This year’s New York City Wine and Food Festival’s burger battle was a massive face-off featuring over 20 chefs in an old warehouse in Brooklyn, with Bobby Flay’s nacho-style burger taking the people’s choice award. (If you’re inspired, browse our collection of Bobby’s best burger recipes.)
Jose Garces has a big Iron Chef America battle coming up Sunday night, but he’s already a winner in my book. Our newest Iron Chef hails from Philadelphia—a city I love dearly (I went to college there). Garces opened his first restaurant, Amada, in Old City just a few months before I graduated, but it quickly became one of my favorite spots. His mini-empire has proliferated since, with restaurants all over Philly and one in Chicago.
Just a couple of months ago, he opened up a new gourmet market/cafe called Garces Trading Company, and he’s got more ventures in the works. You may have seen him this week on Nightline, talking about Cinco de Mayo and his Latin roots. With all this plus his Next Iron Chef win last fall, I’d say Garces has experienced a pretty successful five years.
On a recent trip back to Philly, I was psyched to lunch at one of his latest ventures, Village Whiskey. While all of Garces’s other restaurants are Latin-inspired (Amada does tapas, Distrito is Mexican, Chifa has Peruvian influences…), Village Whiskey is unapologetically American. Think burgers. Pulled pork sandwiches. Lobster rolls. Chicken-fried steak.
Inside, the narrow space has a speakeasy feel, with white-tiled walls, dark leather banquettes and wooden fans spinning overhead. Obviously, there’s a long list of bourbon and Scotch. But we came for the food. Specifically, for the burger—the Philadelphia Inquirer has called it the city’s best.
Any food-lover knows that burgers are all the rage these days, showing up on menus everywhere from dives to fancy four-star restaurants. Food Network chefs are all about them—Bobby Flay just opened up his fifth Bobby’s Burger Palace, this one in Philadelphia, where fellow Iron Chef Jose Garces also has a terrific burger joint. On Ultimate Recipe Showdown this week, the competitors showed that home cooks can also make some killer burgers.
The burger episode was even more intense thanks to a heated battle-within-a-battle: Father versus Son. Michael Cohen went up against his dad, Harold, the reigning champ of last season’s burger showdown.
The eight burgers presented were diverse in their toppings and flavors, and the judges pronounced many of them excellent. Today Katherine Alford, Vice President of Food Network Test Kitchen and URS judge, shares her expert insight on how to achieve burger perfection at home.
FN Dish: Many of the burgers in this competition had a lot going on, from salsas to dressings to herb butter to grilled lettuce. For you, what are the key components of a great burger?
Katherine Alford: For a classic, it’s all about perfectly cooked, juicy, full-flavored quality meat. You need a bun that contrasts with the meat’s texture but doesn’t get in the way and holds up to a mess of personalized toppings.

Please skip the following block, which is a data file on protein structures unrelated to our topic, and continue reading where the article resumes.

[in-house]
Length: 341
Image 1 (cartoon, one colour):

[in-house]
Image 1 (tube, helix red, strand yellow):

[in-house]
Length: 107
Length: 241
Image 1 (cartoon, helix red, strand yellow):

Submissions are now closed! Three winners will be chosen by our Food Network limerick experts this week and notified by email. Check back on The FN Dish to see the winning limericks later in the week.
We’re giving away THREE autographed copies of Bobby Flay’s new book, Burgers, Fries & Shakes. To WIN, create an original limerick with the subject either about Bobby Flay or burgers.
What is a limerick, you ask? A limerick is a five-line poem with an AABBA rhyming pattern. Here’s an example to get your juices flowing:
There once was a cow named “Fate”
The laziest in all of upstate.
She only ate grass
And passed lots of gas.
Now, she lays on my plate
(By entering a comment, you agree to these contest rules).
My favorite part was seeing Bobby and Rachael debate over burger patties. Not sure who won the debate, as both Rachael and Bobby stuck to their guns, but I’m curious to hear your guys’ take on the dispute. This is the disagreement:
Bobby Flay puts nothing INSIDE his burger patty. No chopped onions, no garlic, no bell pepper, not even salt and pepper. He liberally puts salt and pepper outside the patty, but nothing inside. (Here are Bobby’s perfect burger rules).
Rachael Ray likes to mix every ingredient combination possible in her burger patties: from worcestershire sauce to fennel seed to chipotles, and of course, salt and pepper.
Bobby’s argument: When Bobby wants a burger, he wants a burger….not meatloaf.
What side are you on?
When content from the Food Network Magazine comes in, it always feels like Christmas. (The magazine editors even sent a CD of the June/July content downtown to the Chelsea office by messenger service this time – my personal NYC Santa!) With that precious CD came an explosion of recipes, images and stories that we had been anticipating for months, and we rushed to get it all up online in record time.